To maintain quality, sweet corn should be stored immediately after postharvest cooling and for the shortest time possible, with a maximum of 2 weeks including transit time. Sweet corn is not sensitive to chilling; and as such, it should be stored as cool as possible (32°F to 34°F) without freezing. High humidity (95% to 98% relative humidity) helps reduce moisture loss and kernel denting.1,2,6
To continue to help maintain quality, transport sweet corn in a refrigerated truck and package with additional ice to help reduce moisture loss and maintain temperature.1 The recommended temperature during transit is 32°F, with a relative humidity between 95% to 98%.7
There are two main containers used for packaging and shipping sweet corn: wirebound crates and fiberboard boxes. Wirebound crates can be shipped by loading them in rows, allowing space between crates for top icing. Crates may also be loaded with no space between them for the first two or three layers, followed by offset rows and wooden strips between layers to help keep the shipment from shifting. A large amount of top ice may then be applied, eventually melting and cooling the lower layers. Fiberboard boxes resistant to moisture can be stacked directly on top of each other to allow top ice to melt and flow between boxes. Loads that will not have top ice should be loaded so that adequate airflow exists between crates or boxes.7
1 Li, C., and Hawkins, G. 2011. Postharvest cooling. The University of Georgia Cooperative Extension. Commercial Sweet Corn Production in Georgia. Bulletin 1388. http://www.caes.uga.edu/.
2 Brecht, J.K. 2014. Sweet corn. United States Department of Agriculture Agricultural Research Service. The Commercial Storage of Fruits, Vegetables, and Florist and Nursery Stocks. HB-66. http://www.ba.ars.usda.gov/.
3 Global Chain Alliance. 2008. Corn, sweet. World Food Logistics Organization. http://www.gcca.org/.
4 Kemble, J.M. and Dangler, J.M. 2001. Commercial sweet corn handling. Alabama Cooperative Extension System. ANR-584. http://www.aces.edu/.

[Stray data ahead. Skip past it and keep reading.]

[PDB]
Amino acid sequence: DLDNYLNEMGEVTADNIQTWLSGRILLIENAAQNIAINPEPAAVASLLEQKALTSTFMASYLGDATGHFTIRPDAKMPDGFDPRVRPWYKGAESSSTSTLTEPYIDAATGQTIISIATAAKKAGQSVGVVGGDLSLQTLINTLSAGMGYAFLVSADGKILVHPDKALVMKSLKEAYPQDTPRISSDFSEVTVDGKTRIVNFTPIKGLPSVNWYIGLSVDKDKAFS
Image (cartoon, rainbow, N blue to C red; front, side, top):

5 Boyette, M.D. and Estes, E.A. Crushed and liquid ice cooling. North Carolina Cooperative Extension Service. AG-414-5. http://www.bae.ncsu.edu/.
6 Suslow, T.V, and Cantwell, M. 2013. Corn, sweet: Recommendations for maintaining postharvest quality. University of California Postharvest Technology Center. http://postharvest.ucdavis.edu/.
7 Ashby, B.H. 2008. Protecting perishable foods during transport by truck. United States Department of Agriculture. http://www.ams.usda.gov/.
8 Hochmuth, G.J. et. al. 1999. Sweet corn production in Florida. University of Florida. HS737. Web sources verified 07/13/15.
Individual results may vary, and performance may vary from location to location and from year to year. The information provided in this article may not be an indicator of results you may obtain as local growing, soil and weather conditions may vary. Growers should evaluate data from multiple locations and years whenever possible. ALWAYS READ AND FOLLOW PESTICIDE LABEL DIRECTIONS. The recommendations in this article are based upon information obtained from the cited sources and should be used as a quick reference for information about growing sweet corn. The content of this article should not be substituted for the professional opinion of a producer, grower, agronomist, pathologist and similar professional dealing with this specific crop.
SEMINIS DOES NOT WARRANT THE ACCURACY OF ANY INFORMATION OR TECHNICAL ADVICE PROVIDED HEREIN AND DISCLAIMS ALL LIABILITY FOR ANY CLAIM INVOLVING SUCH INFORMATION OR ADVICE. 150707082141 071515MEC